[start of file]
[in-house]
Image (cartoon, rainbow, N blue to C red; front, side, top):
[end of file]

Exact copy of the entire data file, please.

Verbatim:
[in-house]
Image (cartoon, rainbow, N blue to C red; front, side, top):